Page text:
Julian Gyngell's talk on "Phonewords and Finance", kindly hosted yesterday at the London office of McDermott Emery & Will, was a treat for those who attended. In short,
* Australia has instituted a system by which Smartnumbers, these being the numerical bases for alphanumerical telephone numbers, are auctioned to the highest bidder, subject to minimal conditions and limitations (thus a bid may be made for 13-473462623, which is the numerical equivalent of 13-IPFINANCE);The event was both pleasant and informative -- and there's more to come. Julian's paper is likely to be published towards the end of this year in the Journal of Intellectual Property Law & Practice (JIPLAP). If you want to be notified when it comes out, email me here and I'll let you know.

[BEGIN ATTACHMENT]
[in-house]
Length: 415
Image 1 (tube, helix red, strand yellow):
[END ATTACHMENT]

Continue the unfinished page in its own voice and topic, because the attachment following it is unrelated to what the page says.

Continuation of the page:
* the successful bidder for a Smartnumber acquires no more than a licence to use that number in any alphanumerical form, but this licence is transmissible even, it seems, to parties that are disqualified from bidding from it initially;
* there is no clear guidance as to whether the use of a Smartnumber in which the alphanumerical form incorporates a trade mark or trade name constitutes a trade mark use which can be prohibited by the trade mark owner;
* there are no provisions for the interplay between (i) Smartnumbers, (ii) trade marks, (iii) domain names and (iv) company names, though particular problems arise where a word which is a generic term for some products is a well-known trade mark for others (eg APPLE)
* there appears to be no accepted basis for the calculation of the value of a Smartnumber at its point of acquisition or disposition, nor has any practice yet developed with regard to the place of the Smartnumber within the balance sheets.